To get to the Aloft Bangkok, take the Metro Blue Line south one stop from Petchaburi Station to Sukhumvit Station. Then follow the signs up to the BTS Skytrain Asok Station. Once there, take the Skytrain one stop west and get off at Nana Station. After exiting and heading downstairs, you will be standing at the intersection of Sukhumvit Road and Sukhumvit Soi 11. Head north on Sukhumvit Soi 11 by foot for about 10 minutes, and the Aloft Bangkok is on your left. While these directions seemed technically straightforward to me, it still ended up being quite a trek, especially in the muggy heat of the day. If you have a lot of luggage with you, a taxi from the airport might still be the best way to go.

The Aloft brand follows in the footsteps of its pricier sibling, the W Hotels chain. However, it does seem to be a lot less pretentious in attitude, and has a bit more of a boutique feel to it. The lobby was loud and flashy, but the attendants were very friendly as I checked in. I had booked my stay using the Starwood Preferred Guest cash + points option, which was a great value since the Aloft Bangkok had recently been lowered to Category 1, costing just $25 and 1,200 Starpoints per night. It is important to note that taxes and fees on the cash portion is charged at the discretion of the hotel. Many, including the Aloft Bangkok, do tack on taxes and fees separately, while others don't.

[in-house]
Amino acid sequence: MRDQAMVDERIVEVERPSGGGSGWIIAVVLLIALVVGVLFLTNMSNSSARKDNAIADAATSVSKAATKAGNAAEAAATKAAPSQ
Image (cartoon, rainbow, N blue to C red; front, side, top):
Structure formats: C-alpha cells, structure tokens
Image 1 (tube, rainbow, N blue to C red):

I was given a room on the 18th floor with a king bed and a nice view of the city. While it wasn't particularly large, I really grew to like the overall design and smart space allocation. There was a cozy sitting area next to the large window, which I took advantage of while doing some reading. A simple work desk shared space with the flat-screen television, while the mini-bar was tucked directly underneath. The bed was very comfortable, as were the sheets and duvet.

Monday, October 8, 2012

Cambodia April 2012 - Bangkok Airways 924 Economy Class (REP-BKK)

***This post is part 11 of a full trip report. The index can be found here*** 

I took a tuk-tuk to the airport, which was quick and painless. The Siem Reap airport is quite modern, with the new terminal having been inaugurated in 2006. Despite its small size, I admired the architecture and clear design effort that went into the construction.

A quick background on this flight: since Bangkok Airways has had a monopoly on the Siem Reap - Bangkok route for many years now, they can basically charge whatever the hell they want. This one-way flight lasting approximately one hour and ten minutes cost a whopping $276.68! Fortunately, the latest news indicates that the monopoly will finally be broken in November of this year, when Cambodia Angkor Air begins service on this route, operating 4x per week. Hopefully, they will increase the frequency as demand picks up (as I'm sure it will).